Keywords: Macroeconomics & Money;
When I was invited to address you, it was suggested I should – in the spirit of the season – say something light. After all, we are about to break for a few weeks to be spent with family and friends and, hopefully, enjoying our favourite recreations.
But I am afraid the international financial system does not take any such break. It is quite possible that there will be another stage in the international crisis while we are on holiday; perhaps a major financial institution or productive business announcing its difficulties and having to be rescued. Any collateral damage may impact on your businesses. Over the holiday period, chief executives will be on call, as will the chairs of your boards. Let us hope that they will not be called.
Being a director is a very responsible duty, so I think it appropriate that I do not just wish you the season’s cheer, but reflect on recent developments in order to give you some framework to think about 2009.
We need to be cautious. Had I told you last year that Citigroup, which on some measures was the world’s largest bank, would have to be bailed out in 2008, because of its unsatisfactory balance sheet, you would have doubted my judgement. Yet last month it was, to the tune of a couple of hundreds of billions of dollars. We can but speculate what will happen in 2009, but everyone is cautious about getting mixed up with a financial institution which could prove just as problematic.
This international crisis began in August 2007, so it is now going its sixteenth month. In that time, the world’s central banks have flooded the world with liquidity making it extremely easy to obtain cash, but we dont seem to be anywhere nearer the end of the financial crisis.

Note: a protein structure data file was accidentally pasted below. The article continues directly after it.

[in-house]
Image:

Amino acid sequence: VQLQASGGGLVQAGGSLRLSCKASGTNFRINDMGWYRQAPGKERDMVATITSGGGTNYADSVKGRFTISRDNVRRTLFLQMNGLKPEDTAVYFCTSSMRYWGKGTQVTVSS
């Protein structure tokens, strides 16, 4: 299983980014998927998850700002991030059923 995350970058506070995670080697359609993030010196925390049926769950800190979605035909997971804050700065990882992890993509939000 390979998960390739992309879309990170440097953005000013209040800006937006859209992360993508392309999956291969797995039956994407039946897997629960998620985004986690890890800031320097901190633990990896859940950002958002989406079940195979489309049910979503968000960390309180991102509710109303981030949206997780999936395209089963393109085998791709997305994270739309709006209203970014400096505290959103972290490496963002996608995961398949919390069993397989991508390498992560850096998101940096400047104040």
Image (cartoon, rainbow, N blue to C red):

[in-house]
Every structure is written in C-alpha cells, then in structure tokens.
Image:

The reason is, I think, this is not just a liquidity crisis which is about access to cash, but it is a balance sheet crisis for the assets of a business include items which have a longer maturity than cash. Many financial institutions have in their balance sheets assets which are described as ‘toxic’; which they cannot sell, for no one knows what they are worth, and so , for no one will buy them. And certainly we do not how much they are worth in total, No amount of additional liquidity will address their weaknesses.
The result of too many poor quality assets on balance sheets is that private financial institutions are unwilling to deal with others – central banks aside – on a long term basis, because they are not certain of the soundness of the counter-parties. Pumping additional liquidity into the system does not address this lack of confidence in those longer maturity assets in the balance sheets, and so the entire financial system is gummed up, except for very short term deals.
I do not think the world is going to resolve this fundamental problem, until it uses a Swedish type approach where each problematic financial institution is split into a ‘good bank ‘and ‘bad bank’, thus separating out the toxic assets, and enabling the good banks to function as confident providers of credit. For various reason the financial authorities in the key jurisdictions – the US, Britain and the European Monetary Union – have been reluctant to do this, and have instead made marginal responses which have not resolved the financial crisis.
Until there is some quarantining of the toxic assets from sound assets, the world’s financial system is not going to function properly. As Winston Churchill is alleged to have said, America will do the right thing, but only after it has tried everything else. That seems to be true for most monetary authorities,